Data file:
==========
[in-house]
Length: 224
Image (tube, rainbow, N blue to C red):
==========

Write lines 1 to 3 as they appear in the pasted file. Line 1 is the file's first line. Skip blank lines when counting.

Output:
[in-house]
Length: 224
Image (tube, rainbow, N blue to C red):